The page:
Agricultural pesticides have become part of the chemical landscape that we all live in. To be able to make intelligent decision about the use and regulation of these chemicals, it’s important to understand how they work. Almost all modern pesticides are chemicals that interfere in some way with the nervous system. The characteristics of the chemical interaction with the nervous system function can shed light on the effectiveness of the pesticide and on its physiological effects at residual levels. We will start by looking at how some of the normal processes of the nervous system work, because it will be disruption of those processes that lead to toxic effect. Then we will look at the mode of action for three major classes of pesticides and how they specifically interfere with normal function. In a future article we will look at how the specific mechanisms of action can effect dose scaling relationships.
Normal Neuron Function – Neurons, action potentials, sodium and potassium voltage gated ions channels, and ion pumps
The nervous system of insects and humans share many common features, starting with the basic structure of the neuron.
There are many variations on the same theme in different parts of the organism. Terminal branches can attach to dendrites of other neurons at synapses, or through motor synapses to muscle cells. Individual neurons are connected in complex, interacting networks by the synaptic connections. Information processing involves summing the inputs from many neurons and generating an output. When the summed stimulus is high enough, the neuron will generate an electrical pulse that is sent along the axon and which will, in turn, stimulate multiple downstream neurons connected through synapses to the axon branch terminals.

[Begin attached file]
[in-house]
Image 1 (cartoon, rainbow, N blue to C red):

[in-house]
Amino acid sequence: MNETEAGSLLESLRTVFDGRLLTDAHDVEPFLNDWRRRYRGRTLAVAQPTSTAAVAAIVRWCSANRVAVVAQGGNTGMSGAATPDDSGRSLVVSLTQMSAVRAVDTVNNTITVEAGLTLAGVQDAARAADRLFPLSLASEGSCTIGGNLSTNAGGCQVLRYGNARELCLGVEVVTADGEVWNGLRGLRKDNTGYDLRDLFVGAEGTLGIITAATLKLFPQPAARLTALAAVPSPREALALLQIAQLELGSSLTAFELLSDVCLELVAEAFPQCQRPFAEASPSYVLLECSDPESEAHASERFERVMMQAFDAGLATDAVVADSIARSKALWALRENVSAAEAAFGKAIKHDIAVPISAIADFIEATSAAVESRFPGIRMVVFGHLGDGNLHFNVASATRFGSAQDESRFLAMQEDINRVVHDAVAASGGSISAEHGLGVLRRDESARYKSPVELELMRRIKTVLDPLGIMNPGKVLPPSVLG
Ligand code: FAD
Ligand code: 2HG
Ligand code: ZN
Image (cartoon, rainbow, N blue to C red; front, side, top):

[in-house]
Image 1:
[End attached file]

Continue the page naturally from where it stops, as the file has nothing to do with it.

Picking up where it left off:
Neuronal signalling is accomplished by way of “action potentials”, which are short electro-chemical pulse that travel along the neuron axon. The short pulse-like nature of the nerve signals are generated and maintained by way of “voltage-gated” ion channels and ion pumps. Ion pumps use the cellular energy store, ATP, to move sodium and potassium ions across the cell membrane, setting up a concentration gradient across the membrane that establishes a “resting potential” of about -70mV from the inside to the outside of the nerve cell. Once this gradient is established, then merely opening ion channels in the cell wall allows the sodium or potassium ions to move back across the membrane and move the potential closer to zero. Nature’s trick, that turns this process into a useful information processing network, is to open the ion channels which depolarize the neuron with a positive feedback action associated with the membrane potential. Once the membrane potential rises from its resting potential to a “threshold” the voltage gated channels open, steepening the rising edge into the action potential nerve pulse. The figure below is a nice schematic of the ‘anatomy’ of the action potential.
Signaling happens by way of the action potentials, which propagate along the axons and terminate at the synapse. There are several ways the action potential can be interact with cellular structures. We will concentrate on the acetylcholine mediated synaptic response because this is the target of several pesticide chemicals.
Normal Synapse Function – acetylcholine-mediated transmission